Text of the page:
At the Institute of Psychiatry where I work, a great deal of research is being carried out in both schizophrenia and manic depression and, indeed, some of my own work is now directed towards helping the sufferers of schizophrenia. The more one sees of these conditions, the more one realises that they are very different from anxiety disorders.
Readers of this article should therefore know that the distinction between neurosis and psychosis is very clear and that you as an anxiety sufferer will not cross the boundary.
Neurosis Or Psychosis? Some Further Thoughts
Several years ago, I was asked to write an article about the difference between neurosis and psychosis and to address the fears that patients with anxiety states have that they are “going mad”. Subsequently, an article entitled Neurosis or Psychosis? was published in a No Panic support email. In this article, I argue very strongly that it was impossible for anxiety states to develop into schizophrenia or for anxiety to develop into manic depression. In this, I simply wished to reassure readers who had fears of going mad that this would not happen. Subsequently, I have had a letter from a lady who suffers psychosis, which has caused me to think more about this topic and perhaps offer some further clarification.
As the main point of the article was to reassure anxiety sufferers that they could not “go mad”, I did not consider other aspects of the relationship between neurosis and psychosis. Perhaps I should have mentioned that, as schizophrenia and manic depression are fairly common condition (about 1% of the population will suffer from schizophrenia during their lifetime, and probably 1% will suffer from manic depression during their lifetime) it is, of course, possible that some sufferers of schizophrenia and manic depression will also have very commonly occurring anxiety states, panic attacks and obsessive-compulsive disorder. Therefore, these individuals are in need of assistance for both problems and I know, of course, that there are some members of No Panic who also suffer psychotic illnesses, such as schizophrenia and manic depression, but derive a lot of benefits from their membership of No Panic in helping with their anxiety-related symptoms. The lady who wrote to me recently made the point that, very often, drugs are the only intervention on offer for people with psychosis and it is clear to me that sufferers of schizophrenia and manic depression often need considerable psychological treatment. in addition. Indeed, the recent guidelines from the National Institute for Clinical Excellence (NICE) make it clear that sufferers of schizophrenia should be availed of cognitive behaviour therapy for their psychotic symptoms. There is now a great deal of evidence to show that these symptoms can be helped with CBT. In turn, therefore, it is very reasonable to suggest that CBT and other evidence-based approaches be used to help people with anxiety states who may also suffer from schizophrenia.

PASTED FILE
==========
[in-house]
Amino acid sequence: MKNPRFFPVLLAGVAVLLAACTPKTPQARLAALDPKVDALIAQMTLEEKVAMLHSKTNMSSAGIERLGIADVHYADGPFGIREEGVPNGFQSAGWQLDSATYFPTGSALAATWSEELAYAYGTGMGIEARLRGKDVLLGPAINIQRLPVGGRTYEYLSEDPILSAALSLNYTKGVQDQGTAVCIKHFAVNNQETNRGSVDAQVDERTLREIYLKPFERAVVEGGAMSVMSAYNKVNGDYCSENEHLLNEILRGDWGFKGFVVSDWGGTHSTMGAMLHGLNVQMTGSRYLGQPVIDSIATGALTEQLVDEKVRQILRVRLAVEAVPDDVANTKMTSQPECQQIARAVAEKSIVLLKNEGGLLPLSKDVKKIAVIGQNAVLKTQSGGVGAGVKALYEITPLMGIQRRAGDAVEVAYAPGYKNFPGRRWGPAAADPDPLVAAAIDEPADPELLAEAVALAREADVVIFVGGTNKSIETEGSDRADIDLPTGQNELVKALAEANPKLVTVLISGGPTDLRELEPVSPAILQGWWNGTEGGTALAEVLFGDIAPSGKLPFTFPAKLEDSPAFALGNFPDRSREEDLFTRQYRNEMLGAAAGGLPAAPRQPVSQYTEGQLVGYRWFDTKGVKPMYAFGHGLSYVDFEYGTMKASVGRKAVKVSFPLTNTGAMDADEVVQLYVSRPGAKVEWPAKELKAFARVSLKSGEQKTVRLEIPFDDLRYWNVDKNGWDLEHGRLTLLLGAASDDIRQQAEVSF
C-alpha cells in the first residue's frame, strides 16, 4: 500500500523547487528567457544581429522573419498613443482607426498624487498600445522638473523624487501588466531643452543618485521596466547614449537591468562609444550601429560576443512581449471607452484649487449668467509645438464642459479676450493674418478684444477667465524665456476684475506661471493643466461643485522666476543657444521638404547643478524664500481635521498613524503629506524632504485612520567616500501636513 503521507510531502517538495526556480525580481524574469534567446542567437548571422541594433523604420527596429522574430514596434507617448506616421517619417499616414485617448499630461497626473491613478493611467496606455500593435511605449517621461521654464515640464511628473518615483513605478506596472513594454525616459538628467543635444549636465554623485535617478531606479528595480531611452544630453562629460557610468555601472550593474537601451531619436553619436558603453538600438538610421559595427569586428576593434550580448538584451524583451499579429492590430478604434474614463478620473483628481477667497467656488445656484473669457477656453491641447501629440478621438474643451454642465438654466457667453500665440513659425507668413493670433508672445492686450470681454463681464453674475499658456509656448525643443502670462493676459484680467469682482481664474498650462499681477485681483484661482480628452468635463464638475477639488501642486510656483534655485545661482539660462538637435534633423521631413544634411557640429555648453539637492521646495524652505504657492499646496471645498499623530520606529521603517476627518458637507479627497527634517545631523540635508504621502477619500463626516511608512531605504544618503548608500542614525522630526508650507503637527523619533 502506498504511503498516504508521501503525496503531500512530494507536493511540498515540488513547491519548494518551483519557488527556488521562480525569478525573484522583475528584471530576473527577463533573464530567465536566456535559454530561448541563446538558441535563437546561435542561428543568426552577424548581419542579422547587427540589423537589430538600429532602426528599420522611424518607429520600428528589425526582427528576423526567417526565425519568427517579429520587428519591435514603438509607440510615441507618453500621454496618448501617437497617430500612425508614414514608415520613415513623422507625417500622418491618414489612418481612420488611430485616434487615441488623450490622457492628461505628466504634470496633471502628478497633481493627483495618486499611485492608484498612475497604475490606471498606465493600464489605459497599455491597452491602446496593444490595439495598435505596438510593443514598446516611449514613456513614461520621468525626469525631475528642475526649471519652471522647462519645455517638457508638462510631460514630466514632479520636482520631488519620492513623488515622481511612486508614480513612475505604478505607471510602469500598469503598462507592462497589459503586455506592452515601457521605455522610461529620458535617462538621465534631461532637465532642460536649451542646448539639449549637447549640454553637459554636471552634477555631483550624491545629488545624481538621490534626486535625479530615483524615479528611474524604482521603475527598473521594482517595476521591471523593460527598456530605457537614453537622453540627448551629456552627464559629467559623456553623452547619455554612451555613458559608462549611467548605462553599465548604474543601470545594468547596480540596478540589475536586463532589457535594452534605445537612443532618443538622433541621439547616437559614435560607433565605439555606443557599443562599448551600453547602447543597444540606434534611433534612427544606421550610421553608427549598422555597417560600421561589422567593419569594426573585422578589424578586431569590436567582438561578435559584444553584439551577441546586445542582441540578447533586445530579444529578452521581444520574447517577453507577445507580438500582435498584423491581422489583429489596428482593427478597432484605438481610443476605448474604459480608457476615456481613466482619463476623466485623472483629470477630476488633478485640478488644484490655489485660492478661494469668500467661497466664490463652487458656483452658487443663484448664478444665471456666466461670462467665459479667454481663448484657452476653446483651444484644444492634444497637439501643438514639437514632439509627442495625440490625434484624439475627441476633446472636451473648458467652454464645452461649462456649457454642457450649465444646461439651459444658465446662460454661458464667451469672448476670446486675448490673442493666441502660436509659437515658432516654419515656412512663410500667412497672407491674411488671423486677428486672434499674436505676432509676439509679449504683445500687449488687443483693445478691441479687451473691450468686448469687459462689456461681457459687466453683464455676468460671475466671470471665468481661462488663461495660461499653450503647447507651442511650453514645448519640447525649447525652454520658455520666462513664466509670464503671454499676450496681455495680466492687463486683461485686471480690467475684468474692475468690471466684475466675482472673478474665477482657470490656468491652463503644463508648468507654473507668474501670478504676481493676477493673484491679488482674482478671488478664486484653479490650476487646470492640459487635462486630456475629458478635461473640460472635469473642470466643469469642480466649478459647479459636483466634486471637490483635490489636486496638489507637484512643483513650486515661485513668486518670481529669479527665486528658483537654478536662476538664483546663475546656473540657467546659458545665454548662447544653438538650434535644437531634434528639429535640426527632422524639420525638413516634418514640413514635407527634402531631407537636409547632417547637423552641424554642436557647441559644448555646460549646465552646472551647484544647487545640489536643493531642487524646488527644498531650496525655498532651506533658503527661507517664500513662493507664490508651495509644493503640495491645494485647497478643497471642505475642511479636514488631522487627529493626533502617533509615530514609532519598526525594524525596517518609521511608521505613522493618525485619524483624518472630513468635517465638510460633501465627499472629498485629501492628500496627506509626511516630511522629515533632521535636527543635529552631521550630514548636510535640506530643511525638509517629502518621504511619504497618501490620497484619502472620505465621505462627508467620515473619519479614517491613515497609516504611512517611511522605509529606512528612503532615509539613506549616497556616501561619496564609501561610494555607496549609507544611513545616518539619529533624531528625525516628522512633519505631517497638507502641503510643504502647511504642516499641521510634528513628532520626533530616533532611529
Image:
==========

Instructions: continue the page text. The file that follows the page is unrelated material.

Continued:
In the article, I also drew attention to the difficulties produced by schizophrenia and manic depression and, in particular, described impaired motivation. In my original newsletter article, I was, of course, talking in generalities and I do, of course, appreciate that some people with schizophrenia do retain good motivation to lead a normal life and often make valiant efforts to continue functioning, despite suffering a very debilitating illness.
In conclusion, therefore, I wanted now to add some afterthoughts and also to indicate that anxiety states are very commonplace and widespread and that they may accompany a range of other problems. I firmly believe that No Panic has a great deal to offer sufferers of anxiety states and related conditions and that, as an organisation, we should be inclusive, rather than exclusive. I recall discussing the nature of anxiety with Colin Hammond more than a decade ago and I remember us discussing the fact that anxiety states were very similar across, literally, millions of people in this country, but that each sufferer was a unique individual with their own particular expression of their problem. When I see patients as a treating specialist, I have to keep to the forefront of my mind that the person in front of me is a unique individual with a unique constellation of factors relating to background, upbringing, beliefs, culture and of the way that their problem manifests itself. Anxiety is a great leveller and I know, by my own experience, that sufferers of anxiety come from every walk of life and every background that you can think of. Perhaps in my earlier article, I did not emphasise enough the way that different people may manifest their particular problem, but, overall, I wish to stand by my basic assertions in that article and to reassure those who have such fears, that anxiety problems don’t make you go mad!
Professor Kevin Gournay is an Emeritus Professor at the Institute of Psychiatry. He has more than 35 years of experience and is the author of more than 130 articles and books. He is based in Cheshunt Hertfordshire.